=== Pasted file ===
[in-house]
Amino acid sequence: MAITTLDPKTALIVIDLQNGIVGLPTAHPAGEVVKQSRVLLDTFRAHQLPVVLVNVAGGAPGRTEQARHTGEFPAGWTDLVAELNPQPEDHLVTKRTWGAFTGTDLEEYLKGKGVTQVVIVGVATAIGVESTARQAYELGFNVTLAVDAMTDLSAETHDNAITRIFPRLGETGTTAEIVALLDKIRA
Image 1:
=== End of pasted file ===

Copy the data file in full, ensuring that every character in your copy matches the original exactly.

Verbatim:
[in-house]
Amino acid sequence: MAITTLDPKTALIVIDLQNGIVGLPTAHPAGEVVKQSRVLLDTFRAHQLPVVLVNVAGGAPGRTEQARHTGEFPAGWTDLVAELNPQPEDHLVTKRTWGAFTGTDLEEYLKGKGVTQVVIVGVATAIGVESTARQAYELGFNVTLAVDAMTDLSAETHDNAITRIFPRLGETGTTAEIVALLDKIRA
Image 1: